On the topic of LED brightness

I think a vision most builders have for their completed panels are having them all lit up with loads of various LEDs and indicators. I too have the same vision. However one thing to keep in mind is that some LEDs can be quite bright, especially the blue and white LEDs.(I’ll come back to this)

Now if you have even a little electronics knowledge you should know that you cant have an LED hooked directly hooked up to the 5 or 3.3V power supply of your arduino. You NEED a resistor to limit current and prevent killing your precious diodes. For standard 5mm LEDs a resistor somewhere in the range of 220 and 330 ohms is a good place to start. Obviously the more ohms the dimmer the light will become.

The LEDs I bulk ordered from china are quite bright especially when it comes to the Blue and White varieties. Having a bunch lit up shining in your face while your trying to play the game isn’t optimal. So I figured before I bulk order a bunch of resistors I should test each color LED and find a resistor value that gives each color an even and comfortable brightness. At first I thought the best way to do this would be to use a potentiometer in series with the LED to tune the brightness to a level I was happy with then use a multi-meter to measure the resulting resistance value. This is a perfectly acceptable way to do this but then I came across a method I liked a little better. (and is a lot more precise and reliable)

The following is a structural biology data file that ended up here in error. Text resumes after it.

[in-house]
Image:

A “programmable” resistor! This board has 63 surface mount resistors on one side and 7 sets of headers on the other. Using the provided pin jumpers you can set the board to have ANY resistance value from 0 to 9,999,999 ohms (almost 10 Megaohms) I picked this up cheap off AliExpress for $2.98 CDN plus $4.90 CDN shipping. It will surely be a handy addition to my toolbox and i’m sure you’ll be seeing me use it down the road.

Ignore the misprints on the board, the max value is NOT 1000 Megaohms as the silkscreen implies. :p